In Second Amendment cases decided after Heller, the Supreme Court reiterated its view that the laws prohibiting felons from possessing firearms are presumptively lawful.  In none of those cases, however, did the Supreme Court provide an explanation for its statements on the presumptive constitutionality of laws prohibiting felons from possessing firearms.  Given these repeated statements by the Court supporting the constitutionality of bans on felons possessing firearms, lower courts have consistently affirmed the constitutionality of such bans.

In 2022, the Supreme Court decided New York State Rifle & Pistol Association v. Bruen.  In Bruen, the Court held that the Second Amendment protected the right of individuals to carry a firearm for self-defense outside of their homes, and the Court struck down a New York law that left it to the discretion of government officials whether an individual could carry a firearm.  Bruen was the first Second Amendment case heard by the Supreme Court in more than a decade, and resolved an important issue left open by Heller.

While the decision in Bruen did not address the Felon in Possession law, the rationale underlying the decision significantly undermined the “presumptive” constitutionality of the Felon in Possession Law.  In the time period between Heller and Bruen, lower courts had developed a number of tests to analyze claims brought under the Second Amendment.  These tests gave courts considerable discretion to affirm or strike down laws under the Second Amendment, which oftentimes meant the courts would uphold restrictive gun control laws.  This led many commentators to ask whether the Second Amendment was a second-class right.  The Supreme Court’s decision in Bruen put those questions to rest.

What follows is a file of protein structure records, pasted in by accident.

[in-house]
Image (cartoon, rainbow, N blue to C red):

In Bruen, the Supreme Court announced a test that reinvigorated the Second Amendment and made it considerably more difficult for governments to justify sweeping gun control laws. Under Bruen, the first question is whether the challenged law interferes with the ability of an individual to possess a firearm.  If the law has such an effect, the government must show that the current gun control law had some type of historical analogue at the time the Second Amendment was adopted or when the 14th Amendment was adopted.  The government does not have to show a precise match between a law existing when the Second Amendment was adopted and the law under review.  For example, a law in the late 1700s that banned an “unusual weapon” could support a modern law banning “unusual” weapons today, even though the weapons are quite different.

After Heller was decided, lower federal courts generally rejected claims that the Felon in Possession Law was unconstitutional under the Second Amendment.  Some courts focused on the statement in Heller that the ban on felons possessing firearms was presumptively lawful.  Other courts focused on language in Heller suggesting that the Second Amendment was limited to “law abiding citizens,” and concluded that having a felony conviction presumptively meant you were not a law-abiding citizen.  Other courts applied a balancing test and that brought them to the same conclusion.

After Bruen was decided, it was only a matter of time before the Felon in Possession Law was revisited. The historical analogy test adopted in Bruen was inconsistent with the rationales previously used by courts to uphold the Felon in Possession Law.  The Third Circuit federal appellate court addressed this issue in Range v. Attorney General United States of America and issued a strong decision holding that the lifetime ban on non-violent felons under the Felon in Possession law was not constitutional.